Laser metal fusion is an additive manufacturing method where a workpiece is built up gradually in a powder bed. To do so, a laser melts down the metal powder in material layers precisely at the points specified by the component’s CAD construction data. The process is therefore often known as metal 3D printing/3D printing; the terms laser sintering and laser metal fusion are also common in the industry. The process is optimally suited for the series production of geometrically complex parts with delicate internal channels and cavities that cannot be produced using conventional processes such as turning or milling or can only be produced ineffectively. Components that exhibit high stability, as well as low weight, is created using industrial 3D printing – this is particularly beneficial for lightweight design or customized implants and prostheses. Furthermore, laser metal fusion is a sustainable production method, as, compared to ablative processes, no chips (and therefore little excess material) are created. With almost two decades of experience in additive technology, TRUMPF provides complete packages for powder bed processes that are mature for the industry – consisting of machines, services, and digitalization from a single source. From part identification to the finished product and beyond – we cover the entire process chain for you.
The laser metal fusion process starts with the virtual 3D model of the component. During data preparation, the design data is converted into a build job file that can be read by the machine. In doing so, the components are positioned on the substrate plate and, if required, support structures are attached. For the printing process, the components are broken down into individual layers (slices) and the corresponding laser paths are defined (hatching). The workpiece is finally built up layer-by-layer in the process chamber under shielding gas on a substrate plate. In the chamber, the supply cylinder, build cylinder, and overflow cylinder is next to one another in one axis. The recoater shifts the powder from the supply cylinder to the build cylinder (1). The laser then melts the first layer of the powder according to the part contour in a way that is firmly bonded with the layer below (2). In the next step, the build cylinder is lowered by one layer (3). The component is, in a manner of speaking, constructed in the powder bed. The excess powder lands in the overflow cylinder. This process is repeated until the component has been generated completely. In order to increase productivity, TRUMPF uses multiple lasers that work simultaneously in its systems. This is referred to as a multilaser principle. Metal powder is finally removed from the finished part in an unpacking station. The component is then separated from the plate, the support structures, if present, are removed, and, if required, the workpiece is reworked.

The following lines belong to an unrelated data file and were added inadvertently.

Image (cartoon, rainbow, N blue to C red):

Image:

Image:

Users can directly create functional components – e.g. flexible or rotatable structures – from 3D CAD models using LMF.
Using LMF, components with conformal cooling can be produced. They dissipate the heat right where it is created.
Additive manufacturing allows you to construct delicate structures in a complex arrangement.
Freedom in design: During 3D printing, the design determines the production of the component – unlike in conventional production processes.
Practically no setup time is required in the case of 3D printing. Due to the option of multilaser and automation components, you can further increase the efficiency of your production.
The industrial part and powder handling from TRUMPF increases the productivity of your production.
A closed powder circuit ensures a clean and safe production environment.
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